Beneath a tranquil sky in the deceptive calm of a stunningly picturesque landscape, little children squat on bare ground, clutching their colorful text books. This is the border village of Keerni in Poonch District of Jammu, and the young students are in the open-air 'classroom' of their government school.
Their days are unaffected by the recent media hype around the killing of soldiers in the vicinity; there are other distractions that occupy them, such as waiting for a teacher to turn up.
Keerni is one of many villages severely affected by the decades-old conflict at the northwestern border. The development of the villages has been a victim of collateral damage. The perhaps among the worst casualties are the dreams of the little children and their aspirations.
Keerni is located at the base of the mountain range that makes it particularly susceptible to firing from across the border. The worst year, villagers recall, was 2000 when, in the aftermath of Kargil War, there was heavy exchange of fire across the Line of Control with frightening regularity as the hostilities between two countries saw an unprecedented surge.
For security reasons, armed forces vacated the entire village. The village got the appendage "Barbaad Keerni" during the decade and lay abandoned. The Indian forces reclaimed the village and permitted its habitation only in 2011. The village is now surrounded by a fence (technically called the Anti -Infiltration Obstacle System) with high security check at the gates that connect the village to rest of the state and country at large, constructed to check cross border illegal activities after the Kargil War.
The long years when the village lay abandoned destroyed what little infrastructure that had been.
"There were two schools in our village, a primary and a middle school. Both were destroyed during this period, either blasted by militants or damaged in cross border shelling. Neither has been reconstructed yet. Classes in the primary school, seldom held due to poor weather conditions or frequent absence of the teacher, do no good. Worse, this erratic exposure to education erodes their faith in its benefits. They simply drop off," says Nazam Din Mir, one of only two young men in this village who has been able to complete their graduation.
Nazam is pursuing a Masters degree, breaking stereotypes about the aspirations of the youth in this remote part of the country.
After the village was resettled, the middle school was shifted across the fence to Qasba. Students have to travel long distances and pass through stringent security checks to and from school. As there are no female security guards at the fence, parents are reluctant to send their daughters to the middle school. There is need for special focus in providing education for girls .
Educational institutions facing the brunt of violence is not new. The trend goes back to the early 1990s when militants would often burn village schools and successfully create an atmosphere of fear that kept an entire generation of children away from schools. Several efforts of the government were directed to restore faith in the education system among students and parents alike. Today, the buildings are being repaired, teacher-student ratios are improving, enrolment is rising and so is the literacy rate. But problems persist.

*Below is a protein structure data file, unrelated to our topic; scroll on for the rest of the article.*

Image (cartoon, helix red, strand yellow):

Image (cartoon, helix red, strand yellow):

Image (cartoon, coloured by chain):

My visit to a village fifteen kilometres from Poonch town proved to be an eye-opener. "I send my children to the academy because the quality of education offered by Government school is quite poor," says Razia Begum of Chontra Village.
According to Mohammad Bashir, a lecturer by profession, "The problem begins from the primary level. Although the schoolteachers of the primary schools are locals, they share no empathy for their fellow villagers. The very sanctity of the education system is violated when teachers aim only for money and not for their pupils' success."
Many villagers have complained that teachers come to school only to collect their salaries. The appointed teachers have divided their work to suit their convenience. One by one, they take turns to come to school to mark their attendance. On an average, a teacher comes to school only once or twice a week.
"The children of these teachers are studying in the most well -known schools of the district. There should be a law that directs the teachers of the government school to admit their children in government schools only. This is the only way to make them work efficiently," suggested Begum.
The sensitivity towards the education must come from the locals themselves. In the past, thousands of the students who were deprived of their basic right to education became potential recruits for militant outfits. Today, though the situation is not that grim, the lessons of the past must not be forgotten.
Rabia Kouser, a little five year old angel of Azam and his wife Parveez Akhter, goes to her neighbor's house everyday to do their daily chores like washing clothes, utensils and cleaning up of the house and has been doing so for quite some time now. Her parents, who grew up in the years of militancy, were not able to get an education. Their lack of awareness is pushing their daughter towards a similar fate.
The conflict that led to the fallouts in the education system in the state has now taken a backseat. Sadly, other social ills have replaced them: child labor, unemployment, ignorance, depression and distrust of the government are continuing to take a toll on the people in the border areas.
In this post-militancy phase, the reconciliation between the past and present is imperative. It may take several years for the wounds to heal, but a sincere effort is necessary for a promising beginning.
The Charkha Development Communication Network feels that it is not the task of governments along to promote this process, but it is equally important for communities to come forward, not only to demand their right but also to extend a hand to help themselves.
From: News Track India